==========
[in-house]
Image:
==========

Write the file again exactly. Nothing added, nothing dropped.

[in-house]
Image: